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Extra £2 million for Union Learning Fund from April 2000

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From a DfEE press release:

Education and Employment Secretary David Blunkett welcomed the Prime Minister’s announcement today at the TUC of an extra £2 million pounds for the Union Learning Fund. The new money will be available from April 2000 over the following two years bringing the total support for the Fund to £10.5 million up to March 2002.

Mr Blunkett said:
"The Prime Minister’s announcement at the Trades Union Congress of an extra money for the Union Learning Fund underlines our recognition that the trades unions are taking a leading role in establishing the highly trained and skilled workforce we need to be competitive in the global economy. The £2 million boost today will help extend the already vibrant ULF activity by:


* encouraging employer participation;
* developing innovative and challenging learning strategies;
* helping employee take-up and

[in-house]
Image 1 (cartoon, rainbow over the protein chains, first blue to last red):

* establishing the support infrastructure.

"There has been tremendous support, enthusiasm and commitment to learning programmes from the unions and tangible results from projects already established by the Union Learning Fund. The ULF has already helped thousands of people benefit from new training courses. It has helped unions establish new learning centres or extend existing ones, develop qualifications, obtain extra funding from employers and others and set up support systems to ensure that learning continues after ULF money has moved on.

"There is too a lot of anecdotal evidence emerging about a shift in attitudes and perception among employers towards unions and learning. Unions themselves say that partnerships in learning through ULF have meant more meaningful dialogue with employers on a whole range of other things including pay and conditions.

"This extra money announced by the Prime Minister today follows £0.5m announced in June and will support increased learning activity by trades unions as we enter a new era for post 16 education. The imminent arrival of Individual Learning Accounts and learning through new technology and the University for Industry will greatly extend the scope for activities within the ULF. Unions can thus stake their claim to be the pivotal players we would wish them to be, as stated in the Learning to Succeed White Paper.

Now in its second year, the ULF has proved to be very successful. Results include well over 3,000 people trained and over 30 workplace learning centres established. Other projects have established new qualifications or routes to qualifications. Many industries now have networks of ‘learner representatives’ as a result.

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